Skip to main content
Open Access Publications from the University of California

UC Irvine

UC Irvine Electronic Theses and Dissertations bannerUC Irvine

Trees, Refining, and Combinatorial Characteristics

  • Author(s): Galgon, Geoff
  • Advisor(s): Zeman, Martin
  • et al.
Creative Commons 'BY' version 4.0 license

The analysis of trees and the study of cardinal characteristics are both of historical and contemporary importance to set theory. In this thesis we consider each of these topics as well as questions relating to (almost) disjoint refinements. We show how structural information about trees and other similar objects is revealed by investigating the determinacy of certain two player games played on them. The games we investigate have classical analogues and can be used to prove structural dichotomies and related results. We also use them to find generalizations of the topological notions of perfectness and scatteredness for spaces like $2^{\kappa}$ and $P_{\kappa}\lambda$ and form connections to when a submodel is e.g. ``$T$-guessing" for a certain tree $T$. Questions surrounding generalizations of the cardinal characteristics $\mathfrak{t}$ (the tower number), $\mathfrak{h}$ (the distributivity number), and $\textbf{non}(\mathcal{M})$ (the uniformity number for category) in particular are considered. For example, we ask whether or not $\mathfrak{h}(\kappa)$ can be defined in a reasonable way. We give several impediments. Generalizations of a combinatorial characterization of $\textbf{non}(\mathcal{M})$ in terms of countably matching families of functions become central for our investigation, and we show how characteristics relating to these generalizations can be manipulated by forcing. Similarly, the question of in which contexts can outer models can add strongly disjoint functions is considered. While Larson has shown \cite{Larson2007} that this is possible with a proper forcing at $\omega_1$, and it is a corollary of a result of Abraham and Shelah \cite{AbrahamShelah1986} that it is consistently impossible at $\omega_2$, we note with Radin forcing that if $\kappa$ has a sufficient amount of measurable reflection, then it can be done at $\kappa$. Turning to the theory of disjoint refinements, we generalize a recent result of Brendle \cite{Soukup2008}, and independently Balcar and Paz {a}k \cite{BalcarPazak2010}, that any time a real is added in an extension, the set of ground model reals can be almost disjointly refined to the setting of adding subsets of $\kappa$, and consider related topics.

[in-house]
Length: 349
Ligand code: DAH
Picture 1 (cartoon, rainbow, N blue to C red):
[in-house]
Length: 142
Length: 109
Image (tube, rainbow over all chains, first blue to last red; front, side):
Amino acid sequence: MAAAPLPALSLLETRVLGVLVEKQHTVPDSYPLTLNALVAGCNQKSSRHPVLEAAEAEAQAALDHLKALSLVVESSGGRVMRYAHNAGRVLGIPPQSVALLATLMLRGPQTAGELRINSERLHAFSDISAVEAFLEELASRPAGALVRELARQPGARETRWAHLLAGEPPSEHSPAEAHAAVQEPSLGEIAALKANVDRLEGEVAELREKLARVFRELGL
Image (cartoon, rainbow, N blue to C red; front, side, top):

Main Content
Current View